Mac DeMarco – Salad Days Review

Mac DeMarco - Salad Days Review

Hannah Elliott

Mac DeMarco – Salad Days

Christmas came early, everyone. I mean, at least it did for me. I remember listening to Mac DeMarco’s first full-length album 2 and bobbing my head like a weirdo in my bedroom alone as I did my art homework, the short 2 to 3 minute songs passing by too fast, like summer. The goofy, gap-tooth grinning Canadian has returned with Salad Days, and continues to deliver contagious happy vibes.

Salad Days, as well as any other DeMarco album is best listened to in one sitting. DeMarco is one of the few artists that I prefer to listen to the entire album, rather than picking out my favorite songs and forgetting half of the album even exists. The raspy voice that is a result of years of chain smoking is charming and meshes seamlessly with the beach-y cooing of his old thrift store electric guitar. 2 was a homemade gem, and Salad Days doesn’t stray too far from the laidback bedroom jam vibes. Though Salad Days doesn’t delve into some entirely new genre or song structure, it does feel more grown-up, in the most boyish way; it reminds me of a little boy who just saw his first glimpse of the harshness of the real world, but decided to keep frolicking on the playground anyways.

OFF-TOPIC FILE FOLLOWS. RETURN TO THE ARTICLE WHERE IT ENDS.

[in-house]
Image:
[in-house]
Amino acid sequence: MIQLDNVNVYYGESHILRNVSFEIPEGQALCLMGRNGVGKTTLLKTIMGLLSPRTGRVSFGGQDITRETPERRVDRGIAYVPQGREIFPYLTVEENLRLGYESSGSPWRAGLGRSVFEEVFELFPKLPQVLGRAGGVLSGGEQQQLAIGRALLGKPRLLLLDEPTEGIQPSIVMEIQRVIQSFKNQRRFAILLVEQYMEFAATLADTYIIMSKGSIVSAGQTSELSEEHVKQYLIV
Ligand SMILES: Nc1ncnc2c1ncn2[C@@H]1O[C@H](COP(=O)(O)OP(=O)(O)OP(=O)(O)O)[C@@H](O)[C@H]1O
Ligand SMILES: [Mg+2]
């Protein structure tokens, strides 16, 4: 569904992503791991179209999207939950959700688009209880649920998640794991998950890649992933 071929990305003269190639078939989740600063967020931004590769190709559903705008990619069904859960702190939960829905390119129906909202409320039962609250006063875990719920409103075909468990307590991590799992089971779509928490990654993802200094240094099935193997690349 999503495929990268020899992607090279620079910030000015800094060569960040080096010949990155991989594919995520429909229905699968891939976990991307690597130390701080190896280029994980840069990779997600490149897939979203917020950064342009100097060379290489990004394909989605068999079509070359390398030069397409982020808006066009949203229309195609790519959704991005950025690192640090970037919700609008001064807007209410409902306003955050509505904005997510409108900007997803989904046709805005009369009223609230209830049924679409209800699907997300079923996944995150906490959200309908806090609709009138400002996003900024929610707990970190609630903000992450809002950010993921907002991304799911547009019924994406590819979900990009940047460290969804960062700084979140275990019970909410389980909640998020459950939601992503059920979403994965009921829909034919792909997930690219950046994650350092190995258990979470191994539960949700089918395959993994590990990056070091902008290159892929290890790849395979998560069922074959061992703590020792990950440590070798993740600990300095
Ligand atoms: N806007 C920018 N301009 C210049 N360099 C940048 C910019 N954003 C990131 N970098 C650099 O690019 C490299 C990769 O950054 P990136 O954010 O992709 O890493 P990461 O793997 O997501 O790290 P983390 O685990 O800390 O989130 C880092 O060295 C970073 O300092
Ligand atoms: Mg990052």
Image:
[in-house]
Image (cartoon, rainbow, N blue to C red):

The slight maturity is heard in the more prominent bass lines and deeper lyrics. Let My Baby Stay tells the story of how his longtime girlfriend, Kiera, was going to be deported back to Canada and includes lyrics that literally made my heart melt. DeMarco reflects on his success with 2 in the song Passing Out Pieces, singing, “I’m passing out pieces of me, don’t you know nothing comes free.” Though the subject matter may be more serious, DeMarco’s signature sound makes it still somehow completely carefree and happy.

Rumored lately to be working with Tyler the Creator, I realized this was a quasi-good person to compare DeMarco to, in terms of goofiness. DeMarco lures people in with his relaxed, cigarette smoke warped tunes and hooks them with his loveable boyish charm.

Also published in tb-two*